I have to say my 9 yr old still sucks her thumb occasionally and at night and I've never stopped her. I guess it depends how chronic it is but 2 seems very young to be worrying about it to me...

IloveJudgeJudy Wed 26-Sep-12 09:52:43

No, you are nbu. I know a girl who is now 18 who still sucks her thumb. It is completely deformed and very small. She also gets mocked for it as she does it in public, not just at home.

Agree with trying a dummy for him to soothe himself if a teddy or other cuddly toy (or indeed any toy) will not work for him. It's a few days (or maybe weeks) of grumpiness for a life of being able to speak properly, not having a bleeding thumb, nor having a deformed mouth.

EspressoMartiniToGo Wed 26-Sep-12 09:53:00

Be strong and stick with it, my ds who is now nearly 9 is now having to be fitted with braces and has had to have several milk teeth removed. Constant thumb sucking up to age 5ish (when he self-weaned!) has narrowed his jaw so there is not enough space for his adult teeth coming through. Tis rotten to deprive him of a habit he loves so much, but if I could go back in time then I would have broken him of the habit at about your ds's age. Agree with trying a sleep time dummy or blanky. Good luck!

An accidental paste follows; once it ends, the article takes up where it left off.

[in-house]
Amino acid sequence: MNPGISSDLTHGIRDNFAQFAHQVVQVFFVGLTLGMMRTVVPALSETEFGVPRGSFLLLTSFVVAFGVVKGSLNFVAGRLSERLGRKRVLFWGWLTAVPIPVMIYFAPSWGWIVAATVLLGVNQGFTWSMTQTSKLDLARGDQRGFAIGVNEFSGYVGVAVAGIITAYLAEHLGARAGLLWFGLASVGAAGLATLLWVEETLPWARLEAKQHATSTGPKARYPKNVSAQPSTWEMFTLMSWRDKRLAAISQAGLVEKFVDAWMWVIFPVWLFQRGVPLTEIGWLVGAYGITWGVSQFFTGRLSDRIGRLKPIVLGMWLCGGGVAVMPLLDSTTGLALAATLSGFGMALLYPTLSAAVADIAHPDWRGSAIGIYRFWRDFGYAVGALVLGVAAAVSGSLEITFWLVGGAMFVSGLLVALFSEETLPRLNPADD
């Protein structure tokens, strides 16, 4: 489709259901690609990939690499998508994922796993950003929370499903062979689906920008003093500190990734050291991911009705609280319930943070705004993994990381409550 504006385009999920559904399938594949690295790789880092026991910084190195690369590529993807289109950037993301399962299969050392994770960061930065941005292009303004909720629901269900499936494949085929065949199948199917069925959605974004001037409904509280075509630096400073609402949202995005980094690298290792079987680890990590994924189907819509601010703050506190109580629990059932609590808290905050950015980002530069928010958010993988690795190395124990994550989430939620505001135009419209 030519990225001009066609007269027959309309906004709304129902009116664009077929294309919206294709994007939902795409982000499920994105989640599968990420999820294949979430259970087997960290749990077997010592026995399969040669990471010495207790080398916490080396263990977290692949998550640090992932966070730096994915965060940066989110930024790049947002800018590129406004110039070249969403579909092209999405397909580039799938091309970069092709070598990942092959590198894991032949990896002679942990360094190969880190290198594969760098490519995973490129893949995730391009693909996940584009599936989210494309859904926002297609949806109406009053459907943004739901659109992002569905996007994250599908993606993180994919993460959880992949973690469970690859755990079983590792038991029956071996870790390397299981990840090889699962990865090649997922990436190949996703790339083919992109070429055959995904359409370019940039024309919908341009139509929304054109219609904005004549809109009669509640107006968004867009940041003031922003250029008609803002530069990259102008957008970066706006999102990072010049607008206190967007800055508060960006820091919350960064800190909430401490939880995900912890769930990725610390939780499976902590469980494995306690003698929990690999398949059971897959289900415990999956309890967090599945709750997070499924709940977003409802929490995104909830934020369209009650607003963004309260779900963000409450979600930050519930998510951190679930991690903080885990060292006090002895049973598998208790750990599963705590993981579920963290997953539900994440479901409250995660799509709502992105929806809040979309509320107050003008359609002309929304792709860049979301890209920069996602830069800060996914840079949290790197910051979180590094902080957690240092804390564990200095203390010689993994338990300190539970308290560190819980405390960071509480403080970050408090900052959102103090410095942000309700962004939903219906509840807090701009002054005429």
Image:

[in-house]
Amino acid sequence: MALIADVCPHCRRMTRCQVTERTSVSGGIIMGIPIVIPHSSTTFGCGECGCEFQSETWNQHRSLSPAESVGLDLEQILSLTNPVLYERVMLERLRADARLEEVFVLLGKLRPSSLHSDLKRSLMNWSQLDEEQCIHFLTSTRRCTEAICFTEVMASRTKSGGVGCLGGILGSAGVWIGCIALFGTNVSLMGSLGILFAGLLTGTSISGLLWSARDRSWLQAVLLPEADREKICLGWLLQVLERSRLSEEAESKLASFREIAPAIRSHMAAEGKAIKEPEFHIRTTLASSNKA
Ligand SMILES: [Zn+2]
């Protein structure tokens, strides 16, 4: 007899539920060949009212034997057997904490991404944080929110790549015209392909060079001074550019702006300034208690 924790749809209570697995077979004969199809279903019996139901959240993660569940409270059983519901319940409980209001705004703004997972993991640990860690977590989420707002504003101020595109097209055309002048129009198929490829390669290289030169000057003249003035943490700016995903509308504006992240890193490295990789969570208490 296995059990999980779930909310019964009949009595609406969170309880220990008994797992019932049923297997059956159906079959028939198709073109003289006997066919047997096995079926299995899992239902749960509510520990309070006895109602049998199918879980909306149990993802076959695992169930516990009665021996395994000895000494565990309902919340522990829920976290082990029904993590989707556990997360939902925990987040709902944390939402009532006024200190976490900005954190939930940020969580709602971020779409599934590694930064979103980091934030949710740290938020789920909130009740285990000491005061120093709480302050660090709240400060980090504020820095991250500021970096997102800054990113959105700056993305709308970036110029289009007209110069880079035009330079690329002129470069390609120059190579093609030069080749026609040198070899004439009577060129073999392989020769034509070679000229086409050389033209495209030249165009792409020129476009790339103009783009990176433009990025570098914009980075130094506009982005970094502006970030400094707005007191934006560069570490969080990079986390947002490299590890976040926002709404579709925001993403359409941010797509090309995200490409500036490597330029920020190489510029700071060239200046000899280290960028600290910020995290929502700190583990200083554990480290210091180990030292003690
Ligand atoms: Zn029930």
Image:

IWishIWasSheRa Wed 26-Sep-12 11:09:01

I think you are doing the right thing! I used them for my daughter when she was 3 or just turned 4 - cant remember. I didn't experience the problems you were having because having heard the dentist she decided she didn't want' poorly teeth' so we fitted the guards so she wouldn't accidentally suck her thumb- it took two weeks and she is 6 now and hasnt sucked it since. She also stopped using her comforter soon after naturally as it no longer held the same association and now takes a different teddy every night. her teeth had visibly moved to a better position within 6 months and her adult teeth have come through in the correct position.